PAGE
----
I started this blog when I was eighteen. I'll be twenty-one soon. Those years have been a time of huge transitions. Major life changes, upsets, high points, deadly lows, and insanity. And I've been writing through it all.
Blogging and tweeting has let me find a cool community of young writers who face many of the same problems. As I begin to age out of this group and think of grad school, I'd like to share a bit of what I've learned. I've changed a lot during this time, and so has my writing.
And you know what? That's a good thing.
Rewind to when I first started writing The Book, back when I was fourteen and a high school freshman.
Thank God I did not finish and edit and shop this MS around when I was still fourteen. I couldn't have finished and edited it if I hadn't matured. And yet, I couldn't have started it if I hadn't been fourteen and rebellious and too ambitious for my own damn good.
I've always had a dark and morbid imagination, and I wanted to write this dark and morbid story. But I was too young to really do that justice. I had the violence down pat. Gore, brutality, hatred -- sadly, I had a pretty good understanding of all those things by the time I was fourteen.
Unfortunately, I was a novice in terms of knowing anything about love. The main romance was supposed to be this deep, meaningful relationship and blah blah blah, but all their interaction was cutsey and flirty. That's what I thought love was at fourteen. Oh, and sex? Nope. Nada. Even when writing about characters much older than myself, my mentality was, "Well, I never think about that, so my characters won't either. Because ewww." Sometimes I look back and want to laugh. My seventeen-year-old male protagonist never thinks about sex? My sixteen-year-old oh-so-rebellious female protagonist never at least considers it? Haha.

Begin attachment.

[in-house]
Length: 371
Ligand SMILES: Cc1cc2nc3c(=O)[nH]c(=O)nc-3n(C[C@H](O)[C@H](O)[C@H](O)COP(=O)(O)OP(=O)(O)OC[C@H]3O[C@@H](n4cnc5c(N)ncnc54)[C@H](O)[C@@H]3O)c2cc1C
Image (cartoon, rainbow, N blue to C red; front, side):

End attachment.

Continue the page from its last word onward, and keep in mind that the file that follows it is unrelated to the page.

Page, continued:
Now, thanks to edits by my college-aged self, said male protag runs off to join the army when his ex gets knocked up. Hopefully future readers will still like him because it's not actually his baby. But that little edit has literally changed the entire darn story -- from his character to his motivations and, ugh, everything. So much work.
So totally worth it.
When I was fourteen, I had him throw a rebellious hissy fit and run off to join the army because, I don't know, all the cool kids were doing it or something. Very Luke Skywalker. Very shallow. Very...immature.
While I don't bash writing when you're young, I will say that there are definite advantages to a more mature perspective. Five years from now, I'll look at things differently. My writing style will be different. That's just how life works.
I used to freak out because I would never finish and publish my first book by the time I was sixteen, like some of the authors I idolized. Now I'm fine with that. Publishing young might make you stand out, but in the end the book is the most important. Some people are ready younger. I wasn't.
And that's OK.